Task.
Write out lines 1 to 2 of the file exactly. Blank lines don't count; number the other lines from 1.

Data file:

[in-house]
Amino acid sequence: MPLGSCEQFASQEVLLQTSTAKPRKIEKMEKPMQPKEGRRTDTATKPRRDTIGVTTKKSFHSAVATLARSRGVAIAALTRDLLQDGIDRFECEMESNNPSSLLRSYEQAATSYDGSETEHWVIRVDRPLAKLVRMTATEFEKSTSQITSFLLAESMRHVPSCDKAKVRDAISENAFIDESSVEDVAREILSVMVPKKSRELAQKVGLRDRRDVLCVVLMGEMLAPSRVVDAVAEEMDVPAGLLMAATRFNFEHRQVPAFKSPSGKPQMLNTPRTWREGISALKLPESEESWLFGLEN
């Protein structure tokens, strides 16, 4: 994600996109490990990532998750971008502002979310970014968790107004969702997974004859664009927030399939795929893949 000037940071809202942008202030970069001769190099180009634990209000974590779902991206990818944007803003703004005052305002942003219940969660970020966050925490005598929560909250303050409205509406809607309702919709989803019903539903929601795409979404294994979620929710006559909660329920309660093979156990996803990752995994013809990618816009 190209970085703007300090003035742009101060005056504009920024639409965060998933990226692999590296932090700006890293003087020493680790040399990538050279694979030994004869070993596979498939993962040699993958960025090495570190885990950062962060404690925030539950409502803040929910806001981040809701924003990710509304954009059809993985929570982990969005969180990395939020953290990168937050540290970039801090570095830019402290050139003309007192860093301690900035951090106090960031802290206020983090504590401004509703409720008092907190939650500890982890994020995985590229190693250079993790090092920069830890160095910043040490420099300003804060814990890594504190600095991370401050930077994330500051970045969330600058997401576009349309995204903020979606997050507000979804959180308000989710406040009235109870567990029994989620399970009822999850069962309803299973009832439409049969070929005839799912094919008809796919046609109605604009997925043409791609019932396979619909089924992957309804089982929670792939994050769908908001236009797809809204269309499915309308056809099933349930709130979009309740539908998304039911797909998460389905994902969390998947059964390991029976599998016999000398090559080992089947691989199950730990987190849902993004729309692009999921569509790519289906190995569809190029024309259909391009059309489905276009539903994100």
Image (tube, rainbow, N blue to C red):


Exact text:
[in-house]
Amino acid sequence: MPLGSCEQFASQEVLLQTSTAKPRKIEKMEKPMQPKEGRRTDTATKPRRDTIGVTTKKSFHSAVATLARSRGVAIAALTRDLLQDGIDRFECEMESNNPSSLLRSYEQAATSYDGSETEHWVIRVDRPLAKLVRMTATEFEKSTSQITSFLLAESMRHVPSCDKAKVRDAISENAFIDESSVEDVAREILSVMVPKKSRELAQKVGLRDRRDVLCVVLMGEMLAPSRVVDAVAEEMDVPAGLLMAATRFNFEHRQVPAFKSPSGKPQMLNTPRTWREGISALKLPESEESWLFGLEN